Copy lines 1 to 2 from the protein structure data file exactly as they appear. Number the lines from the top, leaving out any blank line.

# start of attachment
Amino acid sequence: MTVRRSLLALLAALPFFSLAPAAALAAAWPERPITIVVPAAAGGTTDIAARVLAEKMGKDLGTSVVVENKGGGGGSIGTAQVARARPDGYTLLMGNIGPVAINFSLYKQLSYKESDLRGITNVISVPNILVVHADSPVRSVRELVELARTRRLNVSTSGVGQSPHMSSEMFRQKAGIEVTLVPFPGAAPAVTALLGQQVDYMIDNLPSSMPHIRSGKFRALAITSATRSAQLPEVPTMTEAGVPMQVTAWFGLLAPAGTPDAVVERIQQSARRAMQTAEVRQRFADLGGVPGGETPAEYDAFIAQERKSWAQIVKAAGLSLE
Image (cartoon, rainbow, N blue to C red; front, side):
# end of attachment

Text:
Amino acid sequence: MTVRRSLLALLAALPFFSLAPAAALAAAWPERPITIVVPAAAGGTTDIAARVLAEKMGKDLGTSVVVENKGGGGGSIGTAQVARARPDGYTLLMGNIGPVAINFSLYKQLSYKESDLRGITNVISVPNILVVHADSPVRSVRELVELARTRRLNVSTSGVGQSPHMSSEMFRQKAGIEVTLVPFPGAAPAVTALLGQQVDYMIDNLPSSMPHIRSGKFRALAITSATRSAQLPEVPTMTEAGVPMQVTAWFGLLAPAGTPDAVVERIQQSARRAMQTAEVRQRFADLGGVPGGETPAEYDAFIAQERKSWAQIVKAAGLSLE
Image (cartoon, rainbow, N blue to C red; front, side):